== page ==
A LOT of them, and we are getting an on-the-fly lesson in construction management and coordination. We have slipped past the 3 month mark and are feeling a bit more pressure to start covering ground as I would rather rush now than rush in January while trying to move into SHED. It has been a while since our last post so this will be a retroactive catch-up of all things SHED from the last few weeks (with a side of our adventures of course). If you “like” SHEDsistence on facebook you will see our photo or video posts every couple of days as we make progress rather than all at once like here on the blog.
A few weekends back, Samantha and I celebrated our 3 year wedding anniversary in classic tiny houser style, by spending the weekend in another tiny house! We reserved one of the well published “rolling Huts” located 4 hours north of us in Mazama, WA and designed by Seattle architect Tom Kundig. While not meant for full time living, they were strategically placed on “wheels” to legally meet the camping-only zoning designation that a permanent structure would violate. The space was linear, simple and elegant; a bed to the rear and a living space with modular block furniture and fire place to the front, divided by a small kitchenette wall. The walls stopped at 8’ tall and were capped with a clerestory window all the way around the space that made the roof appear as if it were floating while providing light and maintaining privacy. The trajectory of space and view was out the front, which was a wall-to-wall sliding glass door onto a small porch covered by the cantilevered roof. Running water was only accessible by a spigot at the back of the hut and while there was an externally accessible porta-potty style bathroom incorporated into the back of the hut, communal bathrooms and showers were located a hundred yards away in another structure. We spent a relaxing weekend exploring the Mathow Valley and surrounding peaks before returning to Yakima ready to work on SHED and hit the ground running.
Our most active (and expensive) progress has been the procurement of appliances, lighting, cabinets and an HVAC system. The steady stream of boxes arriving at home and work has included our refrigerator, mini-split heating & cooling system, propane hot water heater, bathroom vent fan, bathroom can lights, LED tape lighting, LED cable lighting system and a low flow shower head. These items are piling up amidst those we have already purchased over the last few months including our bathroom mirror (with LED lighting and storage) our bathroom sink and faucet, our kitchen sink and faucet and our flooring material. With the arrival of each new item, comes a new instruction manual and a new set of required knowledge and skills. The idea of AC piping, electrical wiring, plumbing and propane piping is a bit daunting.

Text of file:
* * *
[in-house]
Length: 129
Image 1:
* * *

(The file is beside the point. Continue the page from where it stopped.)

With those tasks on the back of our minds we have found time to insulate our entire tiny house with rigid foam, bringing our R-values to:
R-17.5 in the walls (with 1” of that installed as continuous insulation over studs on the exterior)
R-27.5 in the floor and the roof
Consider those numbers in the context of our advance framed structure that reduced the amount of wood and increased the amount of insulation, combined with the continuous insulation and we should have a pretty efficient building envelope that will be conditioned by a 9000 BTU Energy Star 21.5 SEER (Seasonal Energy Efficiency Rating) Ductless Mini Split system capable of heating and cooling. We are located in the desert of Eastern Washington with pretty cold winters and very hot summers in excess of 100 degrees for prolonged periods so cooling is nearly as important as heating, especially with an indoor cat.